I had a question a couple years ago during lent: How did Jesus prepare for the cross and empty tomb? During lent, we spend time preparing our hearts for Easter, reflecting on our sin, and living with the knowledge that we bear part of the blame for what happened on that dark Friday. Just like us, it is quite clear in the Gospels that Jesus knew exactly what was coming in the final days of his life. He knew there would be arrests, trials, crucifixion, and ultimately resurrection. So, what did he do before all these events transpired?
He ate the seder meal with his disciples celebrating Passover. Every aspect of this meal pointed to what was about to happen. The sacrificial lamb that was slaughtered to deal with the sin of the family was then consumed and nourished them. The many cups of wine that symbolized the sanctification of God’s people, God’s judgement of sin, their hope for redemption and their life of praise all pointed to Jesus. It was all then tied to God’s history of redeeming his people and fulfilling his promises throughout history.
This is the meal we reference once a month when, before communion, we say “On the night that Jesus was to be betrayed, he took the bread, broke it, and after he had given thanks said, ‘This is my body which is broken for you...’” Jesus fulfills all the signs and symbols that are wrapped up in the Passover seder meal and then imbues them with a whole new meaning. The meaning that we celebrate with the sacrament of communion.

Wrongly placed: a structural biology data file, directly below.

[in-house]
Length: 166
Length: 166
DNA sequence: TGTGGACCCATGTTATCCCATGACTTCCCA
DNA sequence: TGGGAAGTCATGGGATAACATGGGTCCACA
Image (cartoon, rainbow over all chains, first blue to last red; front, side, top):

What does this say to us about our lenten preparation? Whether you are fasting, meditating on the accounts of the last days of Jesus, or some other practice, it is important to focus not just on the practice itself, but on the meaning behind it.
This season is about being repentant. We fast as a way to express our sorrow for our sin and overindulgence. We fast because as we limit things that are indeed necessities, we are more mindful of our true dependence on God. We fast because we are called to live self-controlled lives and do not. We meditate on the passion of Christ because share in both the guilt of the crucifixion and the salvation it provides.
This month may we prepare with repentant hearts and celebrate with Joy as our repentance turns to Joy with the salvation provided by our living Christ on Easter.
If you are interested in celebrating the Seder meal with us on March 28 at 5:30pm, you can register online by clicking here
After receiving a great email from one of my readers, I think it would be helpful to clarify (or muddy) the statement above about the link between the Gospels and Seder. If you want to read a little over 5,000 words on the subject there is a great article here. Here is the gist. For a long time people have equated several elements found in Matthew, Mark, and Luke to be pointing towards the final meal Jesus shared with his disciples being the passover meal. That was supported by quotes from a first century historian (Josephus) and several references in rabbinical texts. I find all of those references compelling, but the most current scholarship casts those into doubt.
On top of that, Seder, as modern Jews practice it, was not formalized until about 40 years after Jesus' death when the temple was destroyed. However, I think that the references in the rabbinic literature at the very least point to rabbis bringing together practices that had been developing in the community, adding some new ones and writing it all down.
It is my personal belief that you can see elements of the seder that were present in the (pre-seder) passover meal and that was the meal Jesus shared with his disciples on the night before he was to be betrayed. That means that celebrating the passover can have many great benefits for us as believers. Not only does it remind us of our Exodus story, but it gives insight into communion and the Gospel accounts.
We will be celebrating the Jewish meal, remember our story in the exodus, and looking at the parallels with Jesus last supper. I hope you will join us.